Abbey Fields is a valuable urban wildlife reserve with grassland and marshland habitats used by many birds. The environs of the lake provide one such habitat. Formed on the site of the historic Abbey fish ponds, the lake is used today by a range of breeding waterfowl, including Mute Swan, Mallard, Little Grebe, Coot and Moorhen.

Grey Herons are often seen feeding, sometimes perching defiantly on the “No Fishing” sign!

The dense vegetation and reed beds bordering the lake are vital for several wild birds. They are home to some and a feeding ground to others. In late Spring, Reed Warblers and Sedge Warblers return to these beds from Sub-Saharan Africa. Wrens build nests on the floor amongst the nettles and brambles, each male controlling a territory tens of metres in length along the bank. Reed Buntings, Wrens, Common Whitethroats, Blackcaps, Chiffchaff, Goldfinch, and Tits all forage along the banks of the lake for material and food. Occasionally, rare birds such as Water Rail also benefit from this natural resource. Friends of Abbey Fields work hard to keep the reed beds free of the invasive Himalayan Balsam. Without this perennial struggle, the precious habitat would be quickly overrun!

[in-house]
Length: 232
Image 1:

In autumn and winter, visiting wildfowl include the Tufted Duck, Wigeon, Teal and Shoveler, with Whooper Swan and Mandarin Duck also recorded in recent surveys. Rare visitors include Bonaparte’s Gull (in 1992, Abbey Fields was the location of the first recorded sighting in Warwickshire), as well as Water Pipit and Grey Phalarope.

Finham Brook runs beside the southern perimeter of the lake, and Kingfishers and Grey Wagtails are sometimes spotted here.

The surrounding parkland holds typical breeding birds, including Green Woodpecker, Song and Mistle Thrushes, Jackdaw, Dunnock, Blackcap, Chiffchaff, Goldcrest, Long-tailed Tit, Nuthatch, Treecreeper, Greenfinch, Goldfinch and Bullfinch. A nationally red-listed species, the Spotted Flycatcher, bred in 2016 in St Nicholas churchyard.